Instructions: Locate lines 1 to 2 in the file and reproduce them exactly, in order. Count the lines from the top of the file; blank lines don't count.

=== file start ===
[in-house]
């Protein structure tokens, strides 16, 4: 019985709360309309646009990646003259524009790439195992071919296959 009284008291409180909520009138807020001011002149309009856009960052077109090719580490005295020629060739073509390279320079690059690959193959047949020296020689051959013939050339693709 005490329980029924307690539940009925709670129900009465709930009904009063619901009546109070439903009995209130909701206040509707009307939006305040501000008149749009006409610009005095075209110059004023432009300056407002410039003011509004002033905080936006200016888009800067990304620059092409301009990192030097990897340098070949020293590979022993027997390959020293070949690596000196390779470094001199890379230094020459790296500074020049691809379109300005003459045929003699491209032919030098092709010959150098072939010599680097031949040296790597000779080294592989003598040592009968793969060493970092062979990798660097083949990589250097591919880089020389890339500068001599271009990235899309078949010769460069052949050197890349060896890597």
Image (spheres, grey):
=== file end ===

[in-house]
């Protein structure tokens, strides 16, 4: 019985709360309309646009990646003259524009790439195992071919296959 009284008291409180909520009138807020001011002149309009856009960052077109090719580490005295020629060739073509390279320079690059690959193959047949020296020689051959013939050339693709 005490329980029924307690539940009925709670129900009465709930009904009063619901009546109070439903009995209130909701206040509707009307939006305040501000008149749009006409610009005095075209110059004023432009300056407002410039003011509004002033905080936006200016888009800067990304620059092409301009990192030097990897340098070949020293590979022993027997390959020293070949690596000196390779470094001199890379230094020459790296500074020049691809379109300005003459045929003699491209032919030098092709010959150098072939010599680097031949040296790597000779080294592989003598040592009968793969060493970092062979990798660097083949990589250097591919880089020389890339500068001599271009990235899309078949010769460069052949050197890349060896890597």